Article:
I'm working through a proof and one of the comments is that for a function $f\in L_p (\mathbb{T})$:

$$\lim_{t\to 0}\;\|f(\cdot + t) - f\|_p = 0.$$

How do I prove it? I think it is intuitively clear if $f$ is a step function, but what about for an arbitrary $p$ integrable function?

  • 6
    $\begingroup$ Prove it for continuous functions first, using that they are uniformly continuous, then use that they are dense. See Jonas's answer here for the $L^1$-case and adapt the argument to $L^p$, $p \lt \infty$. And yes, it should be $t \to 0$. $\endgroup$ – t.b. Oct 4 '11 at 3:15

Note that the restriction $1 \leq p \lt \infty$ is necessary here. For $p = \infty$ just consider a characteristic function of a proper subinterval of $\mathbb{T}$. Your idea with characteristic functions can be made into an argument for $p \lt \infty$ but the following seems simpler to me:

  1. Since $\mathbb{T}$ is compact, every continuous function is uniformly continuous. This means: for every continuous function $g$ and every $\varepsilon \gt 0$ there is $\delta = \delta(g,\varepsilon) \gt 0$ such that for all $|t| \lt \delta$ the estimate $|g(x+t) - g(x)| \lt \varepsilon$ holds. Integrating this over $\mathbb{T}$ we see that $\|g(\cdot+t) - g\|_p \leq \varepsilon$ for all $|t|\lt \delta$.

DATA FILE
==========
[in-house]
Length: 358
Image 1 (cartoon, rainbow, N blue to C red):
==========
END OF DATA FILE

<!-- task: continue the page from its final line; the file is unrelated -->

2. Now for every $f \in L^p(\mathbb{T})$ and $\varepsilon \gt 0$ there is a continuous $g$ such that $\|f-g\|_p \lt \varepsilon$. Using 1., this gives $$\|f(\cdot+t)-f\|_p \leq \|f(\cdot+t) - g(\cdot+t)\|_p + \|g(\cdot+t)-g\|_p + \|g-f\|_p \leq 3\varepsilon$$ for all $|t| \lt \delta(g,\varepsilon)$.

| cite | improve this answer | |
  • $\begingroup$ Thank you very much. I feel pretty thick for not being able to answer these questions myself. Your explanation makes it seem dead obvious. Thank you. $\endgroup$ – roo Oct 4 '11 at 3:55
  • 6
    $\begingroup$ Don't worry too much, Kyle, one needs to get the hang of this, and it takes some time... I saw your question in which you said that you're lagging behind the course and when you're feeling under pressure the mind usually can't focus as well as it usually does. Keep your head up and use the site for what it's for, good luck! $\endgroup$ – t.b. Oct 4 '11 at 4:07

Your Answer

By clicking “Post Your Answer”, you agree to our terms of service, privacy policy and cookie policy

Not the answer you're looking for? Browse other questions tagged or ask your own question.